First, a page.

What investors want and what advisors think they want can sometimes differ, so getting everyone on the same page could bode well for your client relationships and practice.

 

Matt Lobas: I have a question for you and it’s really an important one: Do advisors really know what their clients want?

 

I’m Matt Lobas, and this is The Essential Practice podcast.

 

Though financial advisors work to help their clients in any way they can, sometimes there’s a disconnect that can lead to challenges in the advisor-client relationship.

 

In this episode, I’m talking with Ryan Murphy, Head of Decision Sciences for Morningstar Investment Management. Ryan will provide us with some insights on the findings of a study he authored, titled The Value of Advice: What Investors Think, What Advisors Think, and How Everyone Can Get on the Same Page. Ryan, I want to thank you very much for joining us today.

 

Ryan Murphy: Of course. My pleasure.

 

Matt: Let’s get started. I wonder if you can share with our audience a little bit your background and your role there at Morningstar?

 

Ryan: Sure. So I’m a behavioral scientist who studies how people make decisions about risk and money.

 

So I have an interdisciplinary background. I bring together methods from experimental economics and psychology, all to try and understand better when people are rational, when they’re not perfectly rational, and the sorts of things we can do to help them make better choices.

 

Matt: Great. I wonder if you could share a little bit with our audience today about the study that we’re talking about.

 

Ryan: Well, it started with a very simple question, which is what do investors look for when they hire a financial advisor?

 

And we thought it would be particularly interesting to ask the same sort of question to financial advisors at the same time: What you think that people are looking for when they hire a financial advisor?

 

And so then we put together a set of attributes and then looked at how people made these choices and where there is a match between what people are looking for and what advisors expect and where there is a mismatch.

 

Matt: Can you talk to us about the process that you undertook and how you selected the advisors for your study and also how you selected those investors that gave you the responses?

 

Ryan: Sure, so these were advisors who had worked with us, and so they volunteered to take part in the research and also got a preview of the results.

 

For the population of investors, they were paid up a little bit of money for participation and then were also able to see some of the results.

 

Matt: Well, you know as a behavioral scientist, you must have had some preconceived notions. What did you think advisors and investors kind of would agree on and what they might disagree on, and what were you thinking early on about what the results of the study would be?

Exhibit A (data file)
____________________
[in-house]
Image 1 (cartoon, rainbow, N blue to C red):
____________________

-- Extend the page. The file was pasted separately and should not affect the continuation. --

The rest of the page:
Ryan: Well, this was a bit more exploratory, but I had the inclination that people would see goals as a major reason that they were interested in getting financial advice and that’s bore out in our study.

 

So that’s one of the top things people are looking for when they seek advice from a financial advisor is someone who can help them reach their financial goals, and that was nice to see.

I thought also that people would be interested in behavioral coaching. That’s one of the things that we look at a lot in behavioral science, the sorts of things where, for example, an advisor could help the client stay in control of their emotions.

 

It turns out that was dead last of what investors were looking for. That was a surprise to us.

 

Matt: Okay, so you had a preconceived notion about what the study would say. You sat down, I know you analyzed the data. Can you share with us what some of the main findings were?

Let’s start with saying where did investors really see value in the advisor? What were some of the attributes that you discovered?

 

Ryan: So when people are looking for a financial advisor, they’re looking for someone to help them reach their financial goals. They’re looking for someone who has relevant skills and knowledge. These are the top two attributes that investors had selected. And they’re also looking for someone who’s good at communication.

 

Matt: So let’s flip the coin over for a moment. Where were there points of disagreement between the advisor and the investor?

 

Ryan: Well, one of them had to do with personalization.

 

So personalization was something that advisors were anticipating people would be in large demand for, but it turns out that investors seemed a little bit less interested in this than advisors had predicted and we thought that was notable.